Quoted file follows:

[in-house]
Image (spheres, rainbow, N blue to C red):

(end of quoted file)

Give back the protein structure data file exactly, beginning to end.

[in-house]
Image (spheres, rainbow, N blue to C red):